a floor panel which separates an inside of a vehicle, which is a vehicle passenger room, from an outside of the vehicle, the vehicle passenger room is equipped with a cooling/heating system; and
a fuel cell that generates electricity through a reaction of fuel gas and oxidation gas,
wherein the floor panel has a recess portion which depth is shorter than a height of the fuel cell, and the fuel cell is disposed in the recess portion so that an upper portion of the fuel cell is located above a reference plane of the floor panel on which passenger feet put, so as to be within the vehicle passenger room in a temperature conditioned environment.
20. A vehicle comprising:
a floor panel which separates an inside of a vehicle, which is a vehicle passenger room, from an outside of the vehicle, the vehicle passenger room is equipped with a cooling/heating system;
a fuel cell which is disposed on the floor panel and in the vehicle passenger room, and which generates electricity through a reaction of hydrogen gas and oxidation gas; and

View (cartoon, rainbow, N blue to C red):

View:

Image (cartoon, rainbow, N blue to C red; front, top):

a hydrogen gas tank which is disposed outside of the vehicle passenger room, and which stores the hydrogen gas to be supplied to the fuel cell, wherein the fuel cell is disposed on the floor panel so as to be in the vehicle passenger room in a temperature conditioned environment, wherein the fuel cell is disposed in a fuel cell recess portion of the floor panel.
Description

This is a 371 of PCT/IB2003/004341 filed 2 Oct. 2003, which claims priority to Japanese Patent Application No. 2002-290951 filed 3 Oct. 2002, the contents of which are incorporated herein by reference in their entirety.

FIELD OF THE INVENTION

The invention relates to a fuel cell equipped vehicle.

BACKGROUND OF THE INVENTION

Heretofore, various fuel cell equipped vehicles wherein a fuel cell is so disposed as to prevent to the utmost a reduction in space of a cabin have been proposed. For instance, Japanese Patent Application Laid-Open No. 2001-268720 discloses a fuel cell equipped vehicle wherein a fuel cell, a hydrogen occlusion alloy tank, fuel cell auxiliaries, and a battery unit are disposed in their horizontal states directly below a cabin floor between front wheels and rear wheels.

According to Japanese Patent Application Laid-Open No. 2001-268720, however, the fuel cell is disposed directly below a floor of the cabin, namely, outside a vehicle passenger room. Therefore, the fuel cell is exposed to dust or slop while the vehicle is running. As a result, maintenance of the fuel cell is troublesome in some cases.